Can Trumpets Play Vibrato? (All Techniques You Should Know)

can trumpets play vibrato
Written by Corey Morgan

Can trumpets play vibrato? Yes trumpets can play vibrato.

The idea of a trumpet playing the vibrato is not even an exaggeration neither is it a question that requires long and unnecessary speculations.

This is because the trumpet which is a brass instrument has the ability to play the vibrato well and plays it in many different ways, more than you can imagine especially if you are a beginner.

Now we know that trumpets can play vibrato let’s take a look at the meaning of a vibrato and how to create a vibrato using the trumpet.

What is a vibrato?

A vibrato is a little but fast change in the pitch of an instrument or in a vocalist which results in a richer and stronger tone. There are so many wrong information about the vibrato, for instance it is said that the vibrato is used to the pitch of a note higher or lower.

This is assertion may seem to be true, but when properly examined for what it implies, it really is not the case. The truth about a vibrato is that the intensity and you may notice a fluctuation as you go on however the pitch does not change through it all. So except you desire to change the pitch, the vibrato will not do that for you.

Types of trumpet vibrato

There are two main types of the trumpet vibrato:

  1. The jaw vibrato
  2. The hand vibrato

Can trumpets play the vibrato fact#1: The Jaw Vibrato:

The jaw vibrato is also called the lip vibrato and is very common among must trumpet players. The jaw vibrato or lip vibrato is achieved by slightly moving the lips up and down. It is important to note that the movements are mild because if they are too fast, the sound may become too intense and not very soothing or melodious to the ear.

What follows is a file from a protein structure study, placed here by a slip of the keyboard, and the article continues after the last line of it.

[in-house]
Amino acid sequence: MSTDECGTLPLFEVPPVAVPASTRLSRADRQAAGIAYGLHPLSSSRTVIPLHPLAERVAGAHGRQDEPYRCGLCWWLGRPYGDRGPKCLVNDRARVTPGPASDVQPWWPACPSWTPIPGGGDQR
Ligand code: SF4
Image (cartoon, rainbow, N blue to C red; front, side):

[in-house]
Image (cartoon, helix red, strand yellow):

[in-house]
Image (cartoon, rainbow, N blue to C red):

Albeit, most people who play the trumpet finds it easier to play the trumpet vibrato using the jaw vibrato because it does not involve too many things apart from the up and down movement of the jaw. This type of vibrator is good, although it can affect the breathing or the air, as well as the embouchure.

Can trumpets play the vibrato fact#2: The Hand Vibrato:

There are a few controversies that surrounds the hand vibrato, especially because it is considered by both modern and contemporary trumpet players as an outdated type of vibrato. I will not even be in a hurry to debunk some of the clauses attributed to the hand vibrato which is part of the controversy. Instead, in the following sections I will share with you why you should give the hand vibrator a try.

  • The hand vibrato is such that does not for any reason at all affect the main sound of any note that is being played.
  • Contrary to the popular opinion, the hand vibrator can be easily controlled.
  • Again, it is easier to begin the hand vibrato or even end it as the case may be.

While the vibrato may not generally be the best method of vibrato for a whole lot of brass instruments, it really is very suitable for the trumpet.

The following sections will also share how to create a hand vibrato for the trumpet, perhaps that will also help you decide if the hand vibrato is as old fashioned as they say it is.

How to create the hand vibrato?

Before starting to play any instrument at all or even sing, the first and very essential thing to do is to be comfortable, settle in well and be comfortable in the posture or position that you have taken. Get the sheet for the basics of the trumpet vibrato before you also know that the exercise will require a metronome.

Once this is done, follow the next steps below to create a trumpet vibrato with your hand.

  • First pinch the thumb and the first finger of your right hand together on the lead pipe for the initial valve casting.
  • Make sure to have a firm grip on the instrument of brass (trumpet).
  • The metronome should be set to eighty beats per minute within a common time.
  • Support your horn with the usual position of the left hand.
  • With all of these intact, the G on the second line from the sheet before
  • However make sure to play on the different level of an MP.
  • Notice the indicated markings on various notes that are within the third measure and the second measures too.
  • For any place you see the marking, gently bring trumpet to your lips, and then apply pressure there.